A Berks County man is one of two people charged in the alleged theft of more than $3.6 million in taxpayer money.
Pennsylvania Attorney General Kathleen Kane announced the charges Thursday as part of an ongoing investigation of potential corruption and fraud involving PennDOT's District 6, which is made up of Bucks, Chester, Delaware, Montgomery and Philadelphia counties.
Contractor Thanh Nguyen, 62, of King of Prussia, Montgomery County, stands accused of stealing at least $3.6 million in public funds. He's received $26 million in contracts for PennDOT maintenance since 2009, Kane said.
Robert Slamon, 54, of Cumru Township, Berks County, a PennDOT consultant inspector for Czop Specter Inc. in Norristown, facilitated Nguyen's scheme by falsifying PennDOT records to steal money that was intended to maintain state roads, bridges and tunnels, said Kane, adding that Slamon was observed receiving a $5,000 cash payment from Nguyen.
"This is a clear case of illegal activity driven by greed," Kane said. "The grand jury determined that this contractor, already being paid millions of dollars, stole millions more from Pennsylvania taxpayers and found a state inspector whom he could bribe to help him do so. As a result, work was not done and the safety of drivers in five southeastern Pennsylvania counties was put at risk."
Nguyen controls and owns two businesses -- V-Tech Services Inc. and Utility Line Clearance Inc. -- that contracted with PennDOT for herbicide spraying, litter cleanup, mowing, landscaping, graffiti removal, tree removal and other maintenance services, Kane said.
Nguyen allegedly defrauded the agency by inflating work hours and the number of people working at various job sites, and for billing for equipment and materials not purchased, rented or used.
"Our investigation into corruption at PennDOT Region Six continues, and we expect to make additional arrests," Kane said. "We will work to bring to justice anyone who has defrauded the public and, in doing so, we can help restore public trust in PennDOT's maintenance efforts in southeastern Pennsylvania."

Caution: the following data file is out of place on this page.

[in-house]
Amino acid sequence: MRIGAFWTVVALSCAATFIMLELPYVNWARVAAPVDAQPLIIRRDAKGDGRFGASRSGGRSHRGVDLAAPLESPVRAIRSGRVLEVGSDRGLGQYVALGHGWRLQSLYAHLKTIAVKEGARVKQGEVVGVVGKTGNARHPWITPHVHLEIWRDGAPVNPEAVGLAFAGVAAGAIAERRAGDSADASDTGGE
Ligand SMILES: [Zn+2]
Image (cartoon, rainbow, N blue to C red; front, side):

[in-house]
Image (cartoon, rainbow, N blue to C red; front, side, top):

PennDOT spokesman Gene Blaum issued the following statement in response to Thursday's arrests:
"When we became aware of the issues we immediately started to investigate the circumstances and review existing procedures. PennDOT is committed to honest and efficient management of the transportation system. We take these issues very seriously, are cooperating with investigators and have been aggressively pursuing follow-up action. We are conducting a vigorous, full-scale internal review of operations in our District 6-0 maintenance unit."
Nguyen is charged with three counts each of theft by unlawful taking, theft by deception, and tampering with public records; two counts of corrupt organizations; and one count each of bribery in official and political matters, dealing in proceeds of unlawful activity, and criminal conspiracy. If convicted of all counts, he faces a statutory maximum of 150 years in prison and a fine of $250,000 plus restitution.
Slamon is charged with two counts each of corrupt organizations and tampering with public records; and one count each of bribery in official and political matters, theft by unlawful taking, theft by deception, and criminal conspiracy. If convicted of all counts, he faces a statutory maximum of 95 years in prison and a fine of $150,000.